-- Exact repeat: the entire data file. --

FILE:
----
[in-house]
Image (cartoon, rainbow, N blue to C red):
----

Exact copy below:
[in-house]
Image (cartoon, rainbow, N blue to C red):